I guess my next question is do we really need any more panel discussions about street art and grafitti art? Is the serious connection with contemporary art only measured by professionals discussing "importance" on a panel? Isn't that the same thing as the parties you seem to disdain, only with credentials? The same kind of circle jerk? We can keep recycling the same art with the same discussions, and possibly even create a whole plethora of new ideas to institutionalize. Great. Go for it. But why? What if a contemporary arts center was NOT about Banksey or what trendy things are happening on the totally phony "streets'? When I visited the Fairey exhibit back when it first opened I was kind of shocked by the odd sad nothingness of it. Like a headshop in Berkley, a collection of "heroic" moments and portraits that deified themselves into decoration. Then I went downstairs and saw the Minter exhibit. Loved it much more, but still it was just the cultural make-up melting off Andy Warhol's face, the candy he spat out so he would not gain weight. Maybe the discussion isn't about what's inside but what isn't? Which brings us back to: what would a really revolutionary season at the CAC be like? Not a trendy, up-to-the-moment, panel-discussion season -- but a really mind-boggling, gorgeous, freaky, intelligent series of engaging exhibits? Beats me, but it's something to think about. The last great show of contemporary art I saw was back in 2000 or so at the New Museum in NYC, a beautiful retrospective of David Wojnarowicz's work... Plus Henry Darger at the American Folk Art Museum. I'm done. Thanks for letting me think outloud. Really do appreciate your blog...

Anonymous said...

I saw the Where Do We Go From Here? show when it opened at Art Basel Miami and it's nothing like what you describe. Have you seen it? Have you seen the list of artists? I am very confused by your criticism--it's as if you have mistaken it for some other show. Is this possible? I wonder what you have learned about the show, or artists in the show, that makes you consider it in this fashion. None of the articles or reviews even hint at your issue/s, and I certainly didn't take any of what you describe away from the show I saw. But I might be missing something. I like contemporary art, read up on the happenings, and get to shows here and there--but I am not an expert. I am no art snob, so I might not be getting it.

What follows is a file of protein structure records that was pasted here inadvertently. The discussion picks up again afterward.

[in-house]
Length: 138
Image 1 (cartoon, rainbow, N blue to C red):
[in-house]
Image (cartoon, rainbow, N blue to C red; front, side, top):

Art Snob said...

kbb, a museum generally does both: hosts openings, parties as well as hold panel discussions on the topics the artists present. The belief here is that the artists have something to say and we respond. Art is not a party favor.

Admittedly, I've not seen Where Do We Go From Here. My critique comes from the CAC description of the show. I am familiar with a few of the artists and do understand the show is about text and deals with issues of Appropriation. Both of these issues are right in line with the Fairey show.

If you didn't "get it" then it may be because the CAC has not yet provided this dialogue....the point of my critique.

kbb said...

"Party Favor" would be a great title for a show.

Steve Kemple said...

These are ideas. Like all ideas, they are free for anyone who wants to have them.

-Conversation is free.
-Anyone can have one with anyone else.
-Conversation can happen anywhere.
-Conversation can happen any time.
-Conversation needs interceding medium (air for sound waves, text, objects, technology, etc.).
-Any object can be treated as interceding media.
-For any given conversation, some media may be more or less suitable than others.
-The decision between conversants to employ a particular thing as an interceding means for their conversation is necessarily transformative of that thing. There is no way around this.
-The nature of the conversation also changes the thing.

Let's think small: a party is less desirable than a panel discussion (at least to me, I hate parties!). With two or more willing conversants and enough "force" (lack of better term), a party can be made into something more like a panel discussion.

Effort doesn't guarantee success. But it does guarantee change. Change isn't limited to the grandiose or even to the apparent. You can't fill the Grand Canyon with a shovel, but you can modify it's topography!

Let's go to the CAC with eyes, words, and trowels. The CAC is mutable. Just because the building gives the illusion of permanance it doesn't mean it is. By having a conversation through the CAC, its topography is modified, in valuable ways.

Sound pushes air around.

Bad art can be made into good conversation, just like good art can be made into bad conversation.

Let's make the world better and trust that it is better, even though we can't tell a difference.

-Steve Kemple